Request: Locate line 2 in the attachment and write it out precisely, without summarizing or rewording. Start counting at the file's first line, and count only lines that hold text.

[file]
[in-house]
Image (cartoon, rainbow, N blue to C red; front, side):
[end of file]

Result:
Image (cartoon, rainbow, N blue to C red; front, side):